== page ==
By: Tony Case Latest Freedom House report says significant press violations can be found in 113 of 186 nations worldwide sp.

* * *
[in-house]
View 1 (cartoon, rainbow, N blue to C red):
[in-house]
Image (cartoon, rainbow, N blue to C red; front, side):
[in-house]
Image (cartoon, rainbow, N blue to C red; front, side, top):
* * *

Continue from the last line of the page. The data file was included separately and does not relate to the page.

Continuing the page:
A FREE PRESS flourishes in 37% of the world's countries, but significant press violations can be found in 113 of 186 nations, according to a survey conducted by the human rights organization Freedom House, New York, and sponsored by the Freedom Forum, the Arlington, Va.-based First Amendment advocacy group. "Press freedom peaked with the post-Communist liberalizations of 1989, but there have been no significant gains for press freedom since," Freedom House executive director Adrian Karatnycky said in releasing findings of the survey. A report titled "Press Freedom Worldwide 1994," issued on United Nations International Press Freedom Day May 3, assesses the degree to which the system of mass communication in each country permits the free flow of information to and from the public. "Although the press in the freest countries is the watchdog over government, many governments, even some democracies, are seeking to be watchdogs over the news media," said Leonard Sussman, Freedom House senior scholar and coordinator of the study. The survey found a free press ? meaning free of political pressure and other interference ? in 68 of 186 countries examined. It discovered what was considered a partly free press in 64 nations and a press not free in 54 countries. Violations against the media were reported in 113 nations, including many regarded as having a free press. The press in Belgium, New Zealand, Australia, Norway and Denmark were rated the most free, respectively. The media in these nations were cited for their "vibrancy, diversity and lack of government encumbrance." Meanwhile, Iraq, Cuba, Tajikistan, North Korea and Burma were listed as the countries with the most restricted press, respectively. Iraq President "Saddam Hussein's reign of terror and total media control make Iraq the least free press nation in the world," the report said. The U.S. media ranked sixth freest in the survey. The press here easily maintained its free rating, the report said, "but lost points because of an increasing monopolization of media and the skyrocketing costs of publishing and broadcasting encourage advertising and rating influences on editorial content." The survey found what were considered to be significant press violations in the former Soviet Union. The media in six of the newly independent republics, including Azerbaijan, were listed as not free. The government there, which came to power last June, "is more harsh on journalists than its predecessor, which beat reporters whose stories it did not approve," the report said. In 11 of the republics, including Russia and Ukraine, the press was considered partly free. In Russia, a failed coup in October provoked President Boris Yeltsin to order temporary restrictions as well as certain limitations on access during the fall election campaign, the report noted. But Russian journalists continued to display "extraordinary independence." State-controlled media in Serbia-Montenegro overwhelmed several small-circulation papers, and the Milosevic government repeatedly has sought to cut off foreign aid to independent papers, the report said. Sussman observed that in many African nations, "the news media are simply extensions of state power." In Tanzania, whose press was classified as partly free, the government created a powerful broadcasting commission composed of leaders of the ruling political party. And in Egypt, journalists who criticize the government often are accused of supporting Islamicists, one reason that the country's press was classified as not free. The partly free press of South Africa was called one of the least restricted on the continent. TV there is jointly operated under a new agreement between political parties, and complaints about a lack of fairness now are originating with the National Party of former President F.W. de Klerk. Government control of the press in Singapore and Malaysia, whose media were considered partly free, often comes in the form of restrictions in the name of preserving racial and ethnic harmony, according to the report, which said, "While this control is more subtle, it leads to self-censorship and has the effect of perpetuating the ruling party's power." In China, whose press was considered not free, state control is more overt and total, but courageous journalists continue to write "between the lines, telling part of an event but not enough for the alert reader to discern fuller meaning," the report said. In the Middle East, the Iranian media's lack of diversity, resulting from extreme Islamic codes, earns that nation's press a not free rating. Saudi Arabia's outlawing satellite dishes contributed to its being given the same classification. The Israeli press barely maintained a free rating because of limited military censorship, the report said. In Mexico, where the press was classified as partly free, the leading TV network, Televisa, was criticized in March for biased coverage of the Chiapas Indian revolt. In Argentina, where the press was considered free, approximately 200 restrictions were reported against journalists before elections there last year. The study reported that most governments consider a free press a threat since information empowers the individual. "A free press is the underpinning for a broad range of political rights and civil liberties," said Freedom House chairman and Freedom Forum trustee Bette Bao Lord. "When journalists are subject to pressure and violence from governments, political factions, drug lords and others, a critical pillar of the free society is imperiled." The report said that last year, 76 journalists in 27 countries were killed. Seven members of the press died in Russia during the October coup. Nine died in the warfare in Bosnia, whose press received a rating of not free. Religious terrorists were blamed for the deaths of eight newspeople in Algeria. Still, journalists working for the daily Oslobodjenje continue to publish amid bombardments there. Four journalists and two support staffers were killed in Turkey, where the government continues to crack down on pro-Kurdish newspapers, the report said. Five journalists were killed while covering the return of anarchy and warlordism in Somalia, and drug traffickers murdered five journalists in Colombia, where the press was considered partly free. In South Africa, several newspeople were killed prior to the recent multiracial election there.